A sentencing hearing can be stressful if you don’t know what to expect. Let’s get you prepared for a sentencing hearing, so you’ll be informed when it’s time.
What Is a Sentencing Hearing?
A sentencing hearing is where the court orders the guilty party’s penalty, such as a monetary fine, jail time, or a combination of both.
Sometimes, the sentence is the result of a pre-negotiated plea deal between the prosecution and defense. In this case, the sentencing hearing will move at a rapid pace. Other times, the sentencing will rest solely in the hands of the judge and could take longer, with each side laying out their arguments.
For most criminal offenses, the law establishes minimums and maximums for penalties, and the sentence must fall somewhere in between. Mitigating or aggravating circumstances will either increase or decrease the level of punishment received by the criminal defendant.
Sentencing Hearing Process
The sentencing hearing happens after a defendant pleads guilty or is found guilty by a jury or judge. Typically, the probation department of the courthouse will have prepared a presentence report that presents a detailed analysis. This report will include information like the defendant’s criminal record, personal history, history of substance abuse, the likelihood of repeated crimes, and whether the defendant poses a danger to the community. The presentence report may also include a victim impact statement from interviews conducted with the victim or the victim’s family before the trial.
The sentencing hearing will typically open with the prosecution’s side, beginning with a statement by the prosecutor making a recommendation to the judge. The prosecutor will often seek the maximum punishment for the crime. However, in some instances, like plea deals, the prosecutor may seek a lesser sentence.
The prosecutor’s recommendations will come with supportive reasons, and these will usually reference evidence in the record from the defendant’s criminal trial. During the prosecution’s presentation, the victim or the victim’s family may tell the judge about the impact of the crime, the pain the defendant has caused, and any other details that argue for a harsh sentence.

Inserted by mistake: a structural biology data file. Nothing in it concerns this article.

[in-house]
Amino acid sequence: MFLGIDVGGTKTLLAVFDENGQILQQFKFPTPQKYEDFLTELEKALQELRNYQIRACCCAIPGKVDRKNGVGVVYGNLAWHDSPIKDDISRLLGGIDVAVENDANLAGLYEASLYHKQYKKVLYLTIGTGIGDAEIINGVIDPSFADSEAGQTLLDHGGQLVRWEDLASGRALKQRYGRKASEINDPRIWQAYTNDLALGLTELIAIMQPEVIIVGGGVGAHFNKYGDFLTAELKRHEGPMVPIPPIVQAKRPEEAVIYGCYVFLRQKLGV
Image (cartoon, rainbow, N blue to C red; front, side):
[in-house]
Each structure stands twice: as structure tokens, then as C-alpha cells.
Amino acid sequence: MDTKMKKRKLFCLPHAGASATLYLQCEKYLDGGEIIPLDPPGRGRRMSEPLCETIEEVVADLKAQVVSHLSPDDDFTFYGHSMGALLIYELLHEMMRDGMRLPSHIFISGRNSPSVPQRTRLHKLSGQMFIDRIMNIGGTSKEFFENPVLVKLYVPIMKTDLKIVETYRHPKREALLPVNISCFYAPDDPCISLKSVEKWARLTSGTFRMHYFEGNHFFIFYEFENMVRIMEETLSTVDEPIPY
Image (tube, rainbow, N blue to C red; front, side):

After the prosecution speaks, it is next the defense team’s turn to present arguments and evidence as to why the sentence should be less severe. In contrast with the aggravating circumstances the prosecution argued, the defense will present mitigating circumstances like a lack of criminal record or a defendant’s positive contributions. They may also include letters of support from family members, employers, community leaders, or similar individuals casting the defendant in the most favorable light. Finally, after the defense counsel addresses the court, the defendant may choose to speak – this is a fundamental right of allocution afforded to the defendant.
After hearing from the prosecution and the defense, the judge will consider all testimony before rendering a sentencing determination. Ultimately, the judge’s criminal sentence may include incarceration, fines, community service, or probation. All punishment decisions are solely in the hands of the judge at this stage of the criminal trial.
What to Expect on Sentencing Day
As explained, the sentence rests solely with the judge – juries determine innocence or guilt, but never a sentence. After the judge reviews the presentence report and hears from the attorneys, victim or victim’s family, and the defendant, the judge imposes a sentence within limits set by law.
In addition, the judge will often read factors for consideration under an applicable statute or case law. The entire sentence hearing process could range from several minutes to several hours, but on average happens within a single day.
Partnering with the Right Attorney for Superior Case Outcomes
When you are accused of a crime, you will need Texas lawyers who possess the right knowledge and resources to help your defense. For the best criminal defense attorneys near you, contact attorney Seth Kretzer today.